| Contents | Background
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For the Macleay River catchment, both a general community discussion meeting (attended by 105 people) and a meeting for Aboriginal people (attended by representatives of mid-north-coast Aboriginal communities) were held at Kempsey. Twelve written submissions were received.
Opinion expressed in the submissions was divided. Some sections of the community wished to see no change from the current situation; others perceived problems that required a solution, and identified a broad range of environmental problems within the catchment (see 'Major issues', below).
There was widespread recognition that achievement of the objectives would have some cost for the community, although most comments indicated that having a healthy catchment was worthwhile. Many people strongly supported spreading the costs throughout the community-rather than targeting a particular sector-as they recognised that the community as a whole would benefit from achieving good water quality and a flow regime that protected both human and environmental health. The costs involved were seen to include improved monitoring to gauge future performance.
The build-up of silt and gravel bars in the lower parts of the Macleay River (particularly below the Georges River junction) was said to be exacerbating streambank erosion and downstream flooding. Related to this was a concern that land-clearing in the upper catchment was causing soil erosion. To deal with these problems, retaining or re-establishing riparian vegetation and preventing cattle access to streams were suggested. Regarding cattle access, the cost and impact of fencing (which might possibly restrict flood flows) were raised as issues.
Some people felt there was already too much regulation of the farming community and that the water reform process would only increase this. There were calls to let farmers 'get on with it'. As an example of over-regulation, people cited regulations preventing the removal of vegetation. As a result, casuarina and other native vegetation growing in silt and gravel bar areas could not be removed-even though they were impeding river flow which, in turn, was increasing flooding during high flows and the erosion of streambanks.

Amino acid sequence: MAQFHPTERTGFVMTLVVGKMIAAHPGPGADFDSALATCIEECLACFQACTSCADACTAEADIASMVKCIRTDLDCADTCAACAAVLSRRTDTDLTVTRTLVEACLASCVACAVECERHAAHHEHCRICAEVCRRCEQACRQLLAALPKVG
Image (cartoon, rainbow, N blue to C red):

Flows were seen by some as being too high in flood times and too low during droughts. There were calls for a dam to even out the flows. Water availability was an important issue from a number of perspectives. Horticultural interests said they needed access to water at all times, and there was a feeling that existing licensees should have priority over new ones. Some conflict between the rights of riparian use and irrigation use was identified, and there was a concern that protecting pools during no-flow periods might render irrigation non-viable at times. There was some support for an increase in off-river storages, which could be filled during peak stream flows.
Some people were concerned about flood mitigation works in the estuarine areas. They felt that these increased the velocity of flow and thereby increased erosion. Others called for floodways to connect directly to the ocean. Still others were concerned that if floodgates were left open to encourage natural estuarine ecosystems to re-establish, then local fresh surface-waters and groundwaters would become saline again, thereby adversely affecting current users of that water. The problems associated with acid drainage from acid sulfate soils were also linked with the operation of flood-mitigation structures.